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European stock markets fall amid COVID-19 third wave fears and UK-EU vaccine row

BRUSSELS, BELGIUM - MARCH 19: European Commission President Ursula von der Leyen and European Council President Charles Michel (not seen) attend a video conference meeting with Turkish President Recep Tayyip Erdogan (not seen) in Brussels, Belgium on March 19, 2021. (Photo by Dursun Aydemir/Anadolu Agency via Getty Images)
Von der Leyen said the continent has the power to ban exports to the UK if the pharma firm didn’t meet its supply obligations to the EU. Photo: Dursun Aydemir/Anadolu Agency via Getty Images

European stocks opened lower on Monday amid fears of a third wave of COVID-19 across the bloc, and an escalating row between the UK and European Union (EU) over access to AstraZeneca’s (AZN.L) vaccine.

In London, the FTSE 100 (^FTSE) fell 0.79% after opening, while the French CAC (^FCHI) tumbled 0.87% and the German DAX (^GDAXI) was 0.51% lower.

Last week, Ursula von der Leyen, president of the European Commission, said she would halt the export of coronavirus vaccines into Britain unless Boris Johnson surrendered British-made AstraZeneca jabs to the EU.

Von der Leyen said the continent has the power to ban exports if the pharma firm did not meet its supply obligations to the EU. “That is the message to AstraZeneca. You fulfil your contract with Europe before you start delivering to other countries,” she told German newspapers over the weekend.

The UK prime minister is expected to speak to his EU counterparts this week. It came as Britain reached a new milestone, on Saturday, announcing that half of the UK adult population have now received a first dose of a COVID vaccine.

READ MORE: Vaccine row heats up as EU doubles down on threat to ban AstraZeneca exports to UK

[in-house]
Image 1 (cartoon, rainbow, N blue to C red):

Across the pond, S&P 500 futures (ES=F) were down 0.30%, Dow futures (YM=F) shed 0.56%, and Nasdaq futures (NQ=F) were 0.32% higher as trade began in Europe.

Asian stocks were mixed overnight as a plunge in the Turkish lira sparked talks that capital controls might be needed to stem the rout. At one point, the currency saw it’s largest-single day drop in nearly 20 years.

The slide came after president Tayyip Erdogan shocked markets by replacing Turkey’s hawkish central bank governor with a critic of high interest rates.

Japan’s Nikkei (^N225) fell 2.07%, partly on speculation that retail investors could face losses on large long positions in the high-yielding lira.

Elsewhere, the Hang Seng (^HSI) edged 0.27% lower while the Shanghai Composite (000001.SS) climbed 1.14%.

Tim Ash, senior emerging markets sovereign strategist at Bluebay Asset Management, said: “This decision is almost as bad as Brexit in terms of being the worst public policy decision I can remember in a country’s history.

“Markets will express their opinions on Monday and it is likely to be an ugly reaction.”

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